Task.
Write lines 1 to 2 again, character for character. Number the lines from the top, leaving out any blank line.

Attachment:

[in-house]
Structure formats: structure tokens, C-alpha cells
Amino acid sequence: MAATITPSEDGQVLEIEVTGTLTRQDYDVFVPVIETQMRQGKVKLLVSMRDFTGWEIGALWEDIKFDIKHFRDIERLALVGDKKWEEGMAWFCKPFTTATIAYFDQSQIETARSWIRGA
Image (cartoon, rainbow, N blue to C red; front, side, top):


[in-house]
Structure formats: structure tokens, C-alpha cells